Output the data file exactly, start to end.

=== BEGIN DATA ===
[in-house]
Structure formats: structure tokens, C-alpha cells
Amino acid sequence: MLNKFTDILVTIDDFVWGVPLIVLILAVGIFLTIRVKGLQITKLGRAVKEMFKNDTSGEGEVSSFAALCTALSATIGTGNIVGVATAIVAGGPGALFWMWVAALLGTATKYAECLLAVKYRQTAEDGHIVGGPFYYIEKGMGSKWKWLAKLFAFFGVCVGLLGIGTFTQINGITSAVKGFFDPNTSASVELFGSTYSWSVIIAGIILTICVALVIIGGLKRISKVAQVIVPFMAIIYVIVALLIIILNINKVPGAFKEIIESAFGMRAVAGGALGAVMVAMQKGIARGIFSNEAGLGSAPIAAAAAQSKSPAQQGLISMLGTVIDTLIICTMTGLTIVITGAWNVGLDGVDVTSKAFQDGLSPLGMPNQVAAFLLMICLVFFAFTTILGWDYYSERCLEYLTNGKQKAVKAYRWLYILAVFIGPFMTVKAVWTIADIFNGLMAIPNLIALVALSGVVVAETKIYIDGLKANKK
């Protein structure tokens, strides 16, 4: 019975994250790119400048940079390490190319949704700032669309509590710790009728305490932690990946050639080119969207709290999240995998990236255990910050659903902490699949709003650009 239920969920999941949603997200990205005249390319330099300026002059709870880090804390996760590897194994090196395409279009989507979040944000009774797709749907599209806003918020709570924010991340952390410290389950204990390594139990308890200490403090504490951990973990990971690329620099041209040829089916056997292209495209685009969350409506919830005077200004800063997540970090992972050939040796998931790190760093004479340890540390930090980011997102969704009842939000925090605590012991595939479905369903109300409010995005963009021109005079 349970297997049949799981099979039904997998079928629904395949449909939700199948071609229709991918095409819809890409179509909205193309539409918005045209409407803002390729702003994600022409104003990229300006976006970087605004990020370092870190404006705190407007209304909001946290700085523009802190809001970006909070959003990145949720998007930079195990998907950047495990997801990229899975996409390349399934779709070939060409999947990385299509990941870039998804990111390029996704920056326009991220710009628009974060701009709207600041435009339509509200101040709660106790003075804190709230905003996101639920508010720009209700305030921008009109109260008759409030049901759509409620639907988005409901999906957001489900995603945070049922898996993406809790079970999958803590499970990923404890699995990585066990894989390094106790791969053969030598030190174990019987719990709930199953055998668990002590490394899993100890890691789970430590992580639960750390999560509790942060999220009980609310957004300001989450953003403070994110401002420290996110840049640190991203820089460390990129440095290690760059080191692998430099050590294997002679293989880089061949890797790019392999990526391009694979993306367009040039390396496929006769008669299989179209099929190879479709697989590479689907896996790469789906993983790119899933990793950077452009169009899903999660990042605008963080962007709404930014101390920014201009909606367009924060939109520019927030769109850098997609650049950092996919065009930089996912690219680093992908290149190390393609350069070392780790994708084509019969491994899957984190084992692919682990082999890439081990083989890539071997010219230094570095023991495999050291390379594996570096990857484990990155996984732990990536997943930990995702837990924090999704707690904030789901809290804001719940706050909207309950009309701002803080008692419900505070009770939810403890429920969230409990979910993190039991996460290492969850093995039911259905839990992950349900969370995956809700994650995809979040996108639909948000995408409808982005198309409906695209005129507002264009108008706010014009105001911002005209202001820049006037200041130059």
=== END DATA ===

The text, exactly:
[in-house]
Structure formats: structure tokens, C-alpha cells
Amino acid sequence: MLNKFTDILVTIDDFVWGVPLIVLILAVGIFLTIRVKGLQITKLGRAVKEMFKNDTSGEGEVSSFAALCTALSATIGTGNIVGVATAIVAGGPGALFWMWVAALLGTATKYAECLLAVKYRQTAEDGHIVGGPFYYIEKGMGSKWKWLAKLFAFFGVCVGLLGIGTFTQINGITSAVKGFFDPNTSASVELFGSTYSWSVIIAGIILTICVALVIIGGLKRISKVAQVIVPFMAIIYVIVALLIIILNINKVPGAFKEIIESAFGMRAVAGGALGAVMVAMQKGIARGIFSNEAGLGSAPIAAAAAQSKSPAQQGLISMLGTVIDTLIICTMTGLTIVITGAWNVGLDGVDVTSKAFQDGLSPLGMPNQVAAFLLMICLVFFAFTTILGWDYYSERCLEYLTNGKQKAVKAYRWLYILAVFIGPFMTVKAVWTIADIFNGLMAIPNLIALVALSGVVVAETKIYIDGLKANKK
């Protein structure tokens, strides 16, 4: 019975994250790119400048940079390490190319949704700032669309509590710790009728305490932690990946050639080119969207709290999240995998990236255990910050659903902490699949709003650009 239920969920999941949603997200990205005249390319330099300026002059709870880090804390996760590897194994090196395409279009989507979040944000009774797709749907599209806003918020709570924010991340952390410290389950204990390594139990308890200490403090504490951990973990990971690329620099041209040829089916056997292209495209685009969350409506919830005077200004800063997540970090992972050939040796998931790190760093004479340890540390930090980011997102969704009842939000925090605590012991595939479905369903109300409010995005963009021109005079 349970297997049949799981099979039904997998079928629904395949449909939700199948071609229709991918095409819809890409179509909205193309539409918005045209409407803002390729702003994600022409104003990229300006976006970087605004990020370092870190404006705190407007209304909001946290700085523009802190809001970006909070959003990145949720998007930079195990998907950047495990997801990229899975996409390349399934779709070939060409999947990385299509990941870039998804990111390029996704920056326009991220710009628009974060701009709207600041435009339509509200101040709660106790003075804190709230905003996101639920508010720009209700305030921008009109109260008759409030049901759509409620639907988005409901999906957001489900995603945070049922898996993406809790079970999958803590499970990923404890699995990585066990894989390094106790791969053969030598030190174990019987719990709930199953055998668990002590490394899993100890890691789970430590992580639960750390999560509790942060999220009980609310957004300001989450953003403070994110401002420290996110840049640190991203820089460390990129440095290690760059080191692998430099050590294997002679293989880089061949890797790019392999990526391009694979993306367009040039390396496929006769008669299989179209099929190879479709697989590479689907896996790469789906993983790119899933990793950077452009169009899903999660990042605008963080962007709404930014101390920014201009909606367009924060939109520019927030769109850098997609650049950092996919065009930089996912690219680093992908290149190390393609350069070392780790994708084509019969491994899957984190084992692919682990082999890439081990083989890539071997010219230094570095023991495999050291390379594996570096990857484990990155996984732990990536997943930990995702837990924090999704707690904030789901809290804001719940706050909207309950009309701002803080008692419900505070009770939810403890429920969230409990979910993190039991996460290492969850093995039911259905839990992950349900969370995956809700994650995809979040996108639909948000995408409808982005198309409906695209005129507002264009108008706010014009105001911002005209202001820049006037200041130059």